Tyler Myers: 2010-2011 Report Card

It's time to put the finishing touches on the 2010-2011 season for the Buffalo Sabres. Here is a complete report card of every single player that played any amount of time with the Sabres this season. The journey began with Luke Adam and will conclude in a month with Mike Weber. Thanks to Japers Rink and Mile High Hockey for the inspiration.

Step right up Tyler Myers.


Tyler Myers

#57 / Defenseman / Buffalo Sabres

6-8

227

Feb 01, 1990

Contract Situation: One year remaining on entry level deal, in which he earns $875,000

2010 Grade: A



2011 Statistics GP G A P +/- PIM PPG SHG GWG GTG SOG PCT

Regular Season

Postseason

80

7

10

1

27

5

37

6

0

-4

40

16

3

0

0

0

5

0

0

0

122

9

8.2

11.1


Lowdown: Tyler Myers arm wrestled with the sophomore slump all season and over the first half of the campaign, he was losing the battle. Short on points and struggling to prevent goals against in even strength shifts, the 21-year-old atoned for his loose play: he averaged a point every other game, pulled himself from a minus-13 to an even rating and was unforgiving to forwards. That final characteristic is the most crucial, as Myers made opponents pay the price for their space and seemed to relish a spot in scrums. At a point of his career that suffocated plenty of his predecessors when they were second-year players, Myers bent, but he did not break down.

Key Stat: While his pundits had their criticism ready early, Myers was depositing game-winners and fending off a full meltdown. Five game-winners co-led the team, two of them coming in overtime, as the defenseman put the nail in Atlanta, New Jersey, Vancouver, Long Island, and Florida's coffins.

Did You Know? Myers was one of the top hitters for Buffalo in the postseason, colliding with an opponent 20 times. That's what has supporters excited for the future years of his game, as he's not bothering to bide his time before finding the sandpaper factor. And he's still not finished with his growth in size. Imagine that.

Moment Of Fame: In February, Myers turned in a coast-to-coast rush against the Florida Panthers and wired an overtime winner with five seconds left to spare on the clock. Painful for the home side to lose it so late, but the Sabres were obviously euphoric; however, I think the shootout would have been a win for Buffalo if it came to that.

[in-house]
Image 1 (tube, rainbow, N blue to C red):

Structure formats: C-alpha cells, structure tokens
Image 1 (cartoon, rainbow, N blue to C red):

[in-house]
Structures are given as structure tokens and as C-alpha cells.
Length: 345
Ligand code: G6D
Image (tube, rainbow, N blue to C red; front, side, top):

Moment Of Shame: Was on the ice for all of the Nashville Predators' goals in a March contest. The story was all too familiar: Buffalo led 3-1 late in the third period and Blake Geoffrion scored twice to notch his first career hat-trick. Martin Erat put the finishing touch on the comeback in sudden death, as Myers finished to the tune of a minus-3 rating.

Thumbs Up: Behind Marc-Andre Gragnani, Myers was the second-best player in the postseason offensively. Go figure, two rearguards leading the club in playoff scoring. Averaged nearly 24 minutes of ice time in the series with Philadelphia and showed the Flyers what bullying constitutes. Understood the postseason better this year after gaining experience in the first round of 2010 and was not overawed. Blocked 98 shots during the campaign (fourth most) and despite his fast struggles, led the back line in production again. Scored a few meaningful tallies, as we made mention of already. Was clearly re-born in the New Year with the entirety of the roster, whereas his fellow sophomore defenseman Michael Del Zotto crashed and burned.

Thumbs Down: Has to get a grip on his giveaways because he handed the puck over on 67 occasions in the regular season and nine more through the playoffs—both a team worst statistic. Continuing with his postseason numbers, Myers was a minus-4 and sat in the penalty box for 16 minutes, which devastatingly hurt their chances because he's a monstrous penalty-killer. While his aggression is a welcoming feature, he should control himself and carefully choose his moments to avoid unnecessary infractions. Feels the urge to skate up the ice a lot and use his teammates as decoys, but that may end in lost possession—no worse feeling for a defenseman than being trapped in deep.

Voting: On a scale of one to ten, one being the lowest and ten being the highest, grade Tyler Myers on his season according to the expectations you had for him. If he met them, give him a five or a six. If he eclipsed them, aim for a seven or beyond. If he failed to meet them, give him a lower number relating to how poorly he missed the target.

Topics Of Discussion: Will you remember Tyler Myers' second season more for the early troubles or the great conclusion? Who does he appear most comfortable with as a defensive partner? Can he be in the discussion for a Norris Trophy in the near future? Will he surpass 40 points next year or perhaps 50 points?

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